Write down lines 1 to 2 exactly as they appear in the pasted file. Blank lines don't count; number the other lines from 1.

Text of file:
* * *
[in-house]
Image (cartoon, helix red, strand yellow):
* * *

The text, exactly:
[in-house]
Image (cartoon, helix red, strand yellow):